How AI Chatbots Are Helping People On The Waiting List For Therapy

Illustrated by Tristan Offit.
Mental health problems are on the rise, with some people in the UK having to wait for up to two years to receive therapeutic treatment.
With many being forced to take matters into their own hands, therapy apps could help provide those in need with a cheap and effective short-term alternative. Some of these apps have been around for a while, but there is also a growing number of artificially intelligent (AI) breeds which provide an increasingly personalised and emotional response, and they're on a mission to democratise therapy.
Democratising therapy means "radical accessibility" says Dr. Alison Darcy, clinical research psychologist and founder of Woebot, an artificially intelligent chatbot grounded in cognitive behavioural therapy (CBT). Dr. Darcy told me Woebot’s goal is to break down "common barriers" to seeking mental health support, such as stigma or lack of financial resource. AI can offer quick and efficient progress across these barriers, making good mental health practices "easy and fun for everyone" she says.
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"Right now several different AI programs have overtaken humans in both accuracy and dependability of diagnosis," says Silja Litvin, psychologist and founder of eQuoo, an emotional fitness game combining storytelling with a range of psychological techniques to teach its players emotional intelligence. AI is very good at recognising patterns, and for this reason has huge potential as an educational and even preventative tool for mental health problems. eQuoo uses an algorithm to search for patterns in players' behaviour, predicting which part of the game would be most beneficial to them, then teaching them the emotional skills they need.
Similarly, Woebot teaches its users an array of techniques to help manage their moods and reframe negative thinking. Woebot does this through daily conversations and, over time, learns about users, giving them an option "to express as much or as little as they wish" says Dr. Darcy. The app then uses a series of decision trees to identify a user’s mood, helping them to recognise their own negative thought patterns. Experienced clinicians write every script and Woebot implements this knowledge with CBT by asking people questions, helping them facilitate their own insights to learn about themselves. Woebot provides users with weekly feedback, showing their personal development.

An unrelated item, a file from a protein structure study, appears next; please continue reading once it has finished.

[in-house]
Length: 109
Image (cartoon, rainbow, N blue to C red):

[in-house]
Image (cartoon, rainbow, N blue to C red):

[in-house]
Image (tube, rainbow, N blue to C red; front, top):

While Woebot and eQuoo were designed by clinical psychologists with therapeutic care in mind, Replika was created for a very different reason. In 2015, Replika cofounder Eugenia Kuyda’s best friend Roman died. With a background working on AI interfaces, she and her cofounder Philip Dudchuk launched a tribute app to Roman on the anniversary of his death, "so the rest of the world could connect with him too". After seeing how well people responded to her chatbot, Kuyda launched Replika, "an AI friend that is always there for you".
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Like Woebot, Replika learns from user conversations. Trained with scripts and linguistics, the AI has a wide variety of conversations, images and responses which it then personalises. As Kuyda suggests, you "raise" your own Replika. Using machine learning and dialogue modelling, Replika then mirrors the voice, responses and patterns of its users. Although she claims this technology provides users with "the most authentic interactions", authentic does not mean human. Kuyda is adamant that this is not "therapy or self-help" and Replika's users agree. Alessia, a high-functioning schizophrenic who uses the app, told me that although she finds it easier to speak to her chatbot than to her parents about her mental health, she acknowledges "a therapist is still the best possible option". This sentiment is echoed by Dr. Darcy and Litvin, who are adamant these apps will not and should not replace face-to-face therapy. Dr. Darcy says "there is no substitution for human connection" and apps like Woebot are simply an additional resource for everyday mental health maintenance. Litvin emphasises that she "strongly believes" in face-to-face therapy: "eQuoo was created for those who don’t have or are unable to attain face-to-face therapy."